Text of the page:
June is a month of firsts for French ragtime performer Sébastien Troendlé. It’s his first appearance at the Scott Joplin International Ragtime Festival and also his first visit to America.
Troendlé was born in Saint-Louis in the east of France in 1977 and graduated from the Conservatory of Basel in Switzterland. He know lives in Strasbourg, Alsace, France with his wife Tiffany Macquart.
After performing at Gazebo Park Friday Troendlé said it was great to part of the festival.
“I said yesterday, I always have goosebumps,” he added. “I enjoy being here. All the people here are so nice in America at at the festival as well. It’s great.”
Troendlé was able to come to this year’s festival due to the generosity of Herbert Frei, of Switzerland, who is a frequent festival attendee. Frei didn’t know Troendlé but enjoyed listening to his music.
“He bought a CD from me on the Internet, he didn’t know me,” Troendlé said. “He felt it was really great.”
Frei asked Troendlé if he’d heard about the Scott Joplin Festival in Sedalia.
“I said ‘I know it from name, but I’ve never went,’” he said.
Frei asked if he’d like to play at the festival this year; Troendlé said yes. Frei sent the CD to Scott Joplin International Ragtime Music Director Brian Holland and he agreed that Troendlé should be in this year’s musical lineup.
Troendlé added that Frei paid for he and his wife’s way to the festival. He also said Frei was unable to attend the festival this year due to a death in the family.
Besides ragtime Troendlé plays boogie-woogie and has created a music show, provides workshops to schools and has performed in European boogie-woogie festivals, La Roquebrou, Cambrai and Beaune. The proclivity for playing rag and boogie was fostered by his parents when he was a child.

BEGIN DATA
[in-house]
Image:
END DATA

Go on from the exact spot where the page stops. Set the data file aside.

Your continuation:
“I was maybe 4 or 6-years-old, my father had me listen to all kinds of music, especially boogie-woogie (and) jazz,” he said. “Ragtime was a little bit later.”
He added that he wanted to be a pianist and play the music, but knew it would be “technically difficult.”
“But when you are very young you feel ‘OK, I can play that,’” he noted. “Now I can do it, it’s long work.
“When I was a student in jazz school in Switzerland, when I received my diploma, they said ‘you play well, but you have too much boogie-woogie, there’s not enough jazz,’” he added.
They told him to not use as much boogie-woogie in his music. Instead of following the conservatory’s suggestion, Troendlé decided to do a boogie-woogie show with some ragtime thrown into the tunes.
“Now I have a show called ‘Rag’n Boogie’ where I tell the story of both styles of music,” he said.
While playing his concerts Troendlé sits a top a large silver exercise ball, instead of a piano bench.
“I have a back problem,” he said. “That was one of the solutions to help with my back problem. On the ball you stay always straight, then you can relax your shoulders.”
Troendlé said he has so many favorite ragtime and boogie pieces that it’s difficult to point out only one. Among his favorite performers are James Price Johnson, Pete Johnson and Eubie Blake.
“I like the playing of Adam Swanson,” he noted. “There’s also a lot of very good boogie pianists in Europe, and in Germany and France too.
As for the 2017 Scott Joplin Festival Brian Holland has already extended the invitation Troendlé to return for performances.
Faith Bemiss can be reached at 530-0289 or @flbemiss.